The phone’s disconnected.
Just as well, I’ve got nothing to tell you:
I won’t go inside where the bats dip and swarm
over my bed. It’s the sound of them
shouldering against each other that terrifies me,
as if it might hurt to brush across another being’s
From Across a Great Wilderness Without You by Keetje Kuipers
This is the story I’ve tried to tell. Guy
exists. Father mother sister brother.
Oh pretty stars, oh bastard moon
I see you watching me. The trembling
years leading to sex, the trembling sex.
Death as garnish. Death as male lead,
female lead, death as a cast
of thousands. God in, on, as, with,
to, around, because who knows
because. All the while feeling air’s
a quilt of tongues, that spaces
between words are more articulate
than words. It’s not like you’d hope,
that anyone can make sense.
Look around you, let your ears
breathe deep — almost no one does.
Have another drink. When they throw us out
there’s a place down the street
that never closes, after that
we’ll climb a fire escape and praise
the genealogy of light. The Big Bang
sounds like what it was, the fucking
that got everything under way.
That love was there from the start
is all I’ve been trying to say.
by Bob Hicok
God moves in extremely mysterious, not to say, circuitous ways. God does not play dice with the universe; He plays an ineffable game of His own devising, which might be compared, from the perspective of any of the other players, [ie., everybody.] to being involved in an obscure and complex version of poker in a pitch-dark room, with blank cards, for infinite stakes, with a Dealer who won’t tell you the rules, and who smiles all the time .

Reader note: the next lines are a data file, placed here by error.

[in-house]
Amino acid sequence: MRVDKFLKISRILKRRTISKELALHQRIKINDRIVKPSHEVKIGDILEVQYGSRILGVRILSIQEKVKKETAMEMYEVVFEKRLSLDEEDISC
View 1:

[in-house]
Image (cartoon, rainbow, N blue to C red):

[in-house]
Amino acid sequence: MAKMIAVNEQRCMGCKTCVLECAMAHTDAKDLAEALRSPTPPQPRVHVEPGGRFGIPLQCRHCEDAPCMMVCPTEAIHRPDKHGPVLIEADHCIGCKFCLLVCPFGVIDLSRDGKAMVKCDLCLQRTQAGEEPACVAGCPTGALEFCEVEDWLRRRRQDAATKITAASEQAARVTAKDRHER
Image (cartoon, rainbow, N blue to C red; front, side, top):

From Good Omens by Terry Pratchett and Neil Gaiman
It’s like watching paris from an express caboose heading in the opposite direction - every second the city gets smaller and smaller, only you feel it’s really you getting smaller and smaller and lonelier and lonelier, rushing away from all those lights and that excitement at about a million miles an hour.
From The Bell Jar by Sylvia Plath
The world is supposed to be full of possibilities, but they narrow down to pretty few in most personal experience. There’s lots of good fish in the sea … maybe … but the vast masses seem to be mackerel or herring, and if you’re not mackerel or herring yourself, you are lucky to find very few good fish in the sea.
No matter how careful you are, there’s going to be the sense you missed something, the collapsed feeling under your skin that you didn’t experience it all. There’s that fallen heart feeling that you rushed right through the moments where you should’ve been paying attention. Well, get used to that feeling. That’s how your whole life will feel some day. This is all practice.
From Invisible Monsters by Chuck Palahniuk (via ivylively)
But everyone regrets being unable to live lives other than his own; you too would like to live all your unrealized potentialities, all your possible lives. This novel is like you. It too would like to be other novels, those it might have been.
From Life is Elsewhere by Milan Kundera
I was so scared to give up depression, fearing that somehow the worst part of me was actually all of me.
From Prozac Nation by Elizabeth Wurtzel (via roscoe-)
I am an excitable person who only understands life lyrically, musically, in whom feelings are much stronger as reason. I am so thirsty for the marvelous that only the marvelous has power over me. Anything I can not transform into something marvelous, I let go. Reality doesn’t impress me. I only believe in intoxication, in ecstasy, and when ordinary life shackles me, I escape, one way or another. No more walls.
You begin to forget what it means to live. You forget things. You forget that you used to feel all right. You forget what it means to feel all right because you feel like shit all of the time, and you can’t remember what it was like before.
From Wasted by Marya Hornbacher (via quercetum)
She said, I love you.
He said, Nothing.
(As if there were just one
of each word and the one
who used it, used it up).
In the history of language
the first obscenity was silence.
by Christina Davis